On the basis of evidence presently available, we are unable to determine the existence of Soviet plans or programs for the military use of space, apart from the Cosmos photographic satellites, whichperform military support functions. However, we believe that the USSR almost certainly is investigating the feasibility of space systems for offensive and defensive weapon systems. Soviet decisions to develop military space systems will depend on their expected cost andas compared with alternative systems, possible political advantages or disadvantages, and the Soviet estimate of US intentions andin comparable fields.
For accomplishing military missions, we think that within this decade, orbital weapons will not compare favorably with ICBMs in terms of reaction time, targeting flexibility, vulnerability, average life, and positive control. In view of these considerations, the much greater cost of orbital weapon systems, and Soviet endorsement of the UN.resolution against nuclear weapons in space, we believe that the Soviets are unlikely to develop and deploy an orbital weapon system of military' significance within the period of this estimate. If they should nevertheless do so developmental testing should be observable atear or two prior to attainment of an accurate, reliable system.
In the defensive weapons field, we believe that the Soviets intend toapability to counter US military satellites. By modification of existing equipment, including air defense early warning radars and ballistic missiles, the Soviets probably couldimited anti-satellite capabilityew monthsecision had been made to do so. We are aware of no evidence indicating that the Soviets have madeecision. We believe that to achieve success withechnique they would need touclear warhead in violation of the test ban treaty. The Soviets could also be workingystem designed specifically for satellite interception, but we think it almost certain that no such system is operational at present. The use of co-orbiting satellites or other advanced techniques during the period of this estimate seems much less likely.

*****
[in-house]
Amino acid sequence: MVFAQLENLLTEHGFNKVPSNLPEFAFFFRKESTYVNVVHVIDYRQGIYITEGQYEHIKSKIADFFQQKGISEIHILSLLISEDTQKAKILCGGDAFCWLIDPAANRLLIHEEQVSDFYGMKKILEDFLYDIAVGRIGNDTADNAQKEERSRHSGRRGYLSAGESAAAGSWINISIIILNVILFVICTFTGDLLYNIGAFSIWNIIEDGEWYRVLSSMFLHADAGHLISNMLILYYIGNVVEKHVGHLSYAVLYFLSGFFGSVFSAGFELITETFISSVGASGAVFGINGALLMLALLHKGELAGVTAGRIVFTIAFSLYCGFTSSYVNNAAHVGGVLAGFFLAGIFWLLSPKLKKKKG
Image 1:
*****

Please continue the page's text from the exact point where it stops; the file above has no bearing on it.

IV. CHANCES OF MORE DRASTIC CHANGE
have considered the possibility that in the light of theand strategic situation the Soviets might conclude thatsecurity could be adequately guarded with forcesthan those they had hitherto planned. Over the pastthey have found that, essential as it is for their position into maintain powerful strategic lorces. the possession ofdoes not always translate into tangible political gains.they might believe that by devoting the resources saved to solving
their urgent economic problems, they could advance their general aims more effectively. The Soviets might also hopeelaxation of tensions to check the US buildup, or by means of advantageousagreements even to reduce USajorin the total military effort could be pursued either unilaterally or through international arms control agreement.
We consider any substantial unilateral cuts very unlikely,because of the interests and attitudes that operate in Soviet decisionCommunist world outlook and its view of the role of military power, the immense vested Interests represented by the armed forces, the inertia of policy on such matters in any great power, and the long-established fear of capitalist aggressive intentions. Progressinternational arms limitation agreements will probably be slow. Nevertheless, we think that the Soviets probably will continue to seek ways to curtail the arms raceoderate degree by "mutual example"nilateral, uninspected moves by bothoping thereby to reduce the military burden on the economy.
We have also considered the possibilityajor increase in the scale of the Soviet military effort. This seems very unlikely for aof reasons in addition to economic constraints. The Soviets are not likely to believe that such an increase would add measurably to their security or give them important political opportunities they do not now have. Further, they would expect the US to match, or perhaps overmatch, any higher level of effort on their part. It is conceivable that theuldifferentesearch and development should resultechnological advance or breakthrough which offered the prospect of significant improvement in strategic attack or defense. The Soviets would certainly seek to exploit such an advance to gain political and military advantage, and they would undoubtedly consider increasing their military expenditures if effective exploitation seemed to require it. But their decisions as to deployment would be tempered by economic considerations and by the realization that, considering the advanced state of US technology, any lead which was gained would almost certainly be temporary.
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Wlvle House Notional Security Council Deportment of 5latc Department or Dafcote AlomFc Energy Comntijiion Federal Bureau oi Investigation